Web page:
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I'm currently working part time, but I'm thinking of finding a new job. The problem is, there are only full time jobs for what I'm working with. My primary reason for working is to have something to do and some kind of social life. (don't actually need the salary, but don't want to work for free)

Would there be some way to apply for full time positions and ask to only work part time? Would companies even consider to hire a person part time when they need full time?

Edit:

Working as software developer today. 7 years experience as a developer. 12 years work experience as server operator. two years with sale.

I know i can find many "work from home, part time jobs" but that's not what I'm looking for.

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Would there be some way to apply for full time positions and ask to only work part time?

Something like "I know you are looking for a full time worker, but would you consider part time?" might work. Make sure you ask when you initially contact them so that you aren't wasting their time and yours.

Would companies even consider to hire a person part time when they need full time?

Very unlikely. If they were looking for part-time help, or would consider part-time help, they would almost certainly mention it in the job ad.

Your best bet might be to go through an agency. Make sure they understand how many days/hours per week you wish to work.

You may also with to contact former employers and mention your part-time availability.

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My primary reason for working is to have something to do and some kind of sosial life. (dont actually need the salary, but dont want to work for free)

I would suggest you consider reaching out to nearby university or research institution. There is a good chance they will have opportunity for you to work on interesting projects for a few hours a week as a software developer. The pay will be under market, but there will be no pressure to move to full-time. Also the project will perhaps be impactful (curing cancer / interesting neuroscience / cutting-edge material sciences?)

Alternatively, any non-profit might offer you part-time job on administering their computer fleet.

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I expect a high degree of cultural variation here. To illustrate: In the Netherlands 25% of the male workforce and 75% of the female workforce was working parttime (<35hrs/wk) in 2009. I don't have more recent figures ready, but the Netherlands has passed the 'Law on flexible work' in 2018.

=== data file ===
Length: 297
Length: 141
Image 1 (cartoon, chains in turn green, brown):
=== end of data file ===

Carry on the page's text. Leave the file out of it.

It has thus become a question of cultural fit. In the Netherlands, parttime work is more prevalent in smaller companies with strong family values. And (semi-)government with strong unions typically has a 36- or 38-hour default contract size. Employers understand that a good work-life balance translates to more motivated, productive and loyal employees.

From personal experience: Most jobs in the Dutch software industry are listed as full-time (5x8=40hrs/wk, excluding lunch and coffee breaks), but a minor reduction in contract hours (to 36 or 32hrs/wk) is virtually always negotiable. Bigger reductions than that are more difficult.

In your locale, this may be quite different. But there will be companies that are open to the discussion. Look for positions that mention flexible work hours ("core hours 10-15"), the option of working from home and similar perks.

If a full-time work week is an absolute dealbreaker to you, I (as an interviewer) would prefer you to discuss it near the end of the first interview. I like candidates that leave me with the following impression:

  1. That it is your preferred balance between the employee you want to be and the father/craftsman/sportsman/community member you want to be. You have a specific thing that you want to spend the time on.
  2. That you are determined to excel in both, without your after-work activities influencing your productivity. "Work hard, play hard" is a tired cliche, but I understand it viscerally.
  3. That you are willing to tailor your needs to those of the company. (Fridays off? If we schedule an important deployment, would you pick a different day? Would you do 36hrs instead of 32?)
  4. If you signal the intent to establish a long-term bond with the company. Kids in school? Family nearby? Looking for a house or living in the area? Long tenure at previous jobs?
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